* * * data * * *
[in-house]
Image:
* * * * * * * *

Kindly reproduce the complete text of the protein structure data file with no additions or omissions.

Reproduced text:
[in-house]
Image: